Disagreement Case Study: Hanson and Hughes
Fourteen months ago I learned that seventeen months earlier James Hughes published a book which critiqued a paper I published ten years before that, on the economics of whole brain simulations (sometimes called "uploads"). I immediately started a public email conversation with James, and this week a lightly edited version of that conversation appears in the Journal of Evolution and Technology, along with closing comments by myself, James, David Brin, and Guilio Prisco.
James and I debated whether he was correct in attributing to me claims he read "between the lines" of my paper, such as that I gleefully envisioned
a dismal, elitist utopia … the division of society into a mass of well-fed plebes and a superpowerful elite … the enormous population of uploads would be forced to work at very low subsistence wages – the cost of their electricity and disk space – ruled over by a very few of the most successful of the uploads.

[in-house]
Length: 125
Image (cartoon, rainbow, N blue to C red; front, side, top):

James thought my true colors were revealed by my being a GMU economist describing a situation of rapidly falling wages, who did not explicitly call for more transfers from "rich" to "poor." I responded that economists usually analyze low regulation scenarios first, as a baseline to compare with higher regulation scenarios, and that I don’t endorse vague slogans – it is hard to tell who are the deserving "poor" in the scenario I consider. My explicit denials did not much move James.
I have yet to meet anyone else who read me the way James did. But in general, I feel sympathetic to James’ situation, since we humans do communicate a great deal of information, and often the most important bits, via "subtext" rather than text. I do not think I intended what James reads me as saying, but I admit that I may well not be conscious of much of the subtext that my text communicates. Surely many human disagreements arise from our tendency to communicate subtext of which we are not fully aware, and which others are eager to read.